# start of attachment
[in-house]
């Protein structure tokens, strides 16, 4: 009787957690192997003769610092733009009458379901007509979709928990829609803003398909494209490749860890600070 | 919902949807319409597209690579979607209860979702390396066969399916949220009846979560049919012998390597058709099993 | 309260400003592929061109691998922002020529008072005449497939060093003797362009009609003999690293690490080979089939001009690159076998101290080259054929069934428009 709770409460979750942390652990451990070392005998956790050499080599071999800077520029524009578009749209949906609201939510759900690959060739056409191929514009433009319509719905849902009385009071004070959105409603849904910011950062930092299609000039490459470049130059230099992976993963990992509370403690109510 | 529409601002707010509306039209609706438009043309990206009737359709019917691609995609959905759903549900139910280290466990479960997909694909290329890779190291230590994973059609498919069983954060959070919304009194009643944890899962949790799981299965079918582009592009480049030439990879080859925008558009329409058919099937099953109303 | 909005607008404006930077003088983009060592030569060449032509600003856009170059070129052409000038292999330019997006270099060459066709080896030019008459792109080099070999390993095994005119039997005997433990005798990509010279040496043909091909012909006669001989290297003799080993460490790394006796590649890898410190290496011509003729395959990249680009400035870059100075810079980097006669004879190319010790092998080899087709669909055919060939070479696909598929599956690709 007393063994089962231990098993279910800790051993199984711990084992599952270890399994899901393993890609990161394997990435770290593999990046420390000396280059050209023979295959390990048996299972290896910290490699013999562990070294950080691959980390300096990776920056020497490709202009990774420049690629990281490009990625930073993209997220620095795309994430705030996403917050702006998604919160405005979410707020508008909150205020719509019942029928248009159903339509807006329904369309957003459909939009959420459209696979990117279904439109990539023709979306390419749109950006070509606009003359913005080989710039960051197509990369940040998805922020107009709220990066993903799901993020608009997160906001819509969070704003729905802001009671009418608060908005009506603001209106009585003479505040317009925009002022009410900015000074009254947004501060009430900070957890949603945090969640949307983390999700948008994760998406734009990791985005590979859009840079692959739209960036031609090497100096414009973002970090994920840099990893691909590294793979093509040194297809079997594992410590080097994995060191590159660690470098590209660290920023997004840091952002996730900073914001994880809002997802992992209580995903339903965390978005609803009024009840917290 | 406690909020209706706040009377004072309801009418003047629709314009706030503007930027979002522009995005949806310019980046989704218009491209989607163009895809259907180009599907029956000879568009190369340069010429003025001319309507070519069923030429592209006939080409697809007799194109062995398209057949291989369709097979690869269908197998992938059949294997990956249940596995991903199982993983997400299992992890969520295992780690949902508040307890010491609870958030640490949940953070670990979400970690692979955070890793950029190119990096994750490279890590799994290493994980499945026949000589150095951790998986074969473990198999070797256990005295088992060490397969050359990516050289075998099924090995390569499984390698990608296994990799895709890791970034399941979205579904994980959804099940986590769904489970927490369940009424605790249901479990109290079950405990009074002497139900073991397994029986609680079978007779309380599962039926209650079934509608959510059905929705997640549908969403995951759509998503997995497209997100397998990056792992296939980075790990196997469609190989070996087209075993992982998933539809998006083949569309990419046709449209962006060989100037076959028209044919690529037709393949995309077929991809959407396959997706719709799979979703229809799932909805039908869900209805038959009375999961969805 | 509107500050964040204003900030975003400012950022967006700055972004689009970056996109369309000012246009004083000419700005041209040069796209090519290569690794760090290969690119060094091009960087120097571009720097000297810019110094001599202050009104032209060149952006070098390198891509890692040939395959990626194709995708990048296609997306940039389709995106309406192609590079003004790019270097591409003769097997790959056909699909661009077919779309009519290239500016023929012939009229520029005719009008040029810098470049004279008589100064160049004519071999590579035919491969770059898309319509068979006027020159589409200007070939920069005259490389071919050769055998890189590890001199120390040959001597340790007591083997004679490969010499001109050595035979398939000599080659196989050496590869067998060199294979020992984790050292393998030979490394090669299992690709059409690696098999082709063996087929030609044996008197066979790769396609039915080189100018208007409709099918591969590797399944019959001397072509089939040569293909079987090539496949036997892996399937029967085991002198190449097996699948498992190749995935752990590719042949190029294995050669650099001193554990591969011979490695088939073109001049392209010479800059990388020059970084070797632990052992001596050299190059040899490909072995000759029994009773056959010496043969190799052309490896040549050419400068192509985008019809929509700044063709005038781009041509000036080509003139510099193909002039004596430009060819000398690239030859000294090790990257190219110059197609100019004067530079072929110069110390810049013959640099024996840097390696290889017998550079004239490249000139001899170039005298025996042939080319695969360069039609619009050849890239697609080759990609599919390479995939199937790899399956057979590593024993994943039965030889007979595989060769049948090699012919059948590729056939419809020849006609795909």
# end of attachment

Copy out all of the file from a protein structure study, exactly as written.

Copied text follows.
[in-house]
């Protein structure tokens, strides 16, 4: 009787957690192997003769610092733009009458379901007509979709928990829609803003398909494209490749860890600070 | 919902949807319409597209690579979607209860979702390396066969399916949220009846979560049919012998390597058709099993 | 309260400003592929061109691998922002020529008072005449497939060093003797362009009609003999690293690490080979089939001009690159076998101290080259054929069934428009 709770409460979750942390652990451990070392005998956790050499080599071999800077520029524009578009749209949906609201939510759900690959060739056409191929514009433009319509719905849902009385009071004070959105409603849904910011950062930092299609000039490459470049130059230099992976993963990992509370403690109510 | 529409601002707010509306039209609706438009043309990206009737359709019917691609995609959905759903549900139910280290466990479960997909694909290329890779190291230590994973059609498919069983954060959070919304009194009643944890899962949790799981299965079918582009592009480049030439990879080859925008558009329409058919099937099953109303 | 909005607008404006930077003088983009060592030569060449032509600003856009170059070129052409000038292999330019997006270099060459066709080896030019008459792109080099070999390993095994005119039997005997433990005798990509010279040496043909091909012909006669001989290297003799080993460490790394006796590649890898410190290496011509003729395959990249680009400035870059100075810079980097006669004879190319010790092998080899087709669909055919060939070479696909598929599956690709 007393063994089962231990098993279910800790051993199984711990084992599952270890399994899901393993890609990161394997990435770290593999990046420390000396280059050209023979295959390990048996299972290896910290490699013999562990070294950080691959980390300096990776920056020497490709202009990774420049690629990281490009990625930073993209997220620095795309994430705030996403917050702006998604919160405005979410707020508008909150205020719509019942029928248009159903339509807006329904369309957003459909939009959420459209696979990117279904439109990539023709979306390419749109950006070509606009003359913005080989710039960051197509990369940040998805922020107009709220990066993903799901993020608009997160906001819509969070704003729905802001009671009418608060908005009506603001209106009585003479505040317009925009002022009410900015000074009254947004501060009430900070957890949603945090969640949307983390999700948008994760998406734009990791985005590979859009840079692959739209960036031609090497100096414009973002970090994920840099990893691909590294793979093509040194297809079997594992410590080097994995060191590159660690470098590209660290920023997004840091952002996730900073914001994880809002997802992992209580995903339903965390978005609803009024009840917290 | 406690909020209706706040009377004072309801009418003047629709314009706030503007930027979002522009995005949806310019980046989704218009491209989607163009895809259907180009599907029956000879568009190369340069010429003025001319309507070519069923030429592209006939080409697809007799194109062995398209057949291989369709097979690869269908197998992938059949294997990956249940596995991903199982993983997400299992992890969520295992780690949902508040307890010491609870958030640490949940953070670990979400970690692979955070890793950029190119990096994750490279890590799994290493994980499945026949000589150095951790998986074969473990198999070797256990005295088992060490397969050359990516050289075998099924090995390569499984390698990608296994990799895709890791970034399941979205579904994980959804099940986590769904489970927490369940009424605790249901479990109290079950405990009074002497139900073991397994029986609680079978007779309380599962039926209650079934509608959510059905929705997640549908969403995951759509998503997995497209997100397998990056792992296939980075790990196997469609190989070996087209075993992982998933539809998006083949569309990419046709449209962006060989100037076959028209044919690529037709393949995309077929991809959407396959997706719709799979979703229809799932909805039908869900209805038959009375999961969805 | 509107500050964040204003900030975003400012950022967006700055972004689009970056996109369309000012246009004083000419700005041209040069796209090519290569690794760090290969690119060094091009960087120097571009720097000297810019110094001599202050009104032209060149952006070098390198891509890692040939395959990626194709995708990048296609997306940039389709995106309406192609590079003004790019270097591409003769097997790959056909699909661009077919779309009519290239500016023929012939009229520029005719009008040029810098470049004279008589100064160049004519071999590579035919491969770059898309319509068979006027020159589409200007070939920069005259490389071919050769055998890189590890001199120390040959001597340790007591083997004679490969010499001109050595035979398939000599080659196989050496590869067998060199294979020992984790050292393998030979490394090669299992690709059409690696098999082709063996087929030609044996008197066979790769396609039915080189100018208007409709099918591969590797399944019959001397072509089939040569293909079987090539496949036997892996399937029967085991002198190449097996699948498992190749995935752990590719042949190029294995050669650099001193554990591969011979490695088939073109001049392209010479800059990388020059970084070797632990052992001596050299190059040899490909072995000759029994009773056959010496043969190799052309490896040549050419400068192509985008019809929509700044063709005038781009041509000036080509003139510099193909002039004596430009060819000398690239030859000294090790990257190219110059197609100019004067530079072929110069110390810049013959640099024996840097390696290889017998550079004239490249000139001899170039005298025996042939080319695969360069039609619009050849890239697609080759990609599919390479995939199937790899399956057979590593024993994943039965030889007979595989060769049948090699012919059948590729056939419809020849006609795909």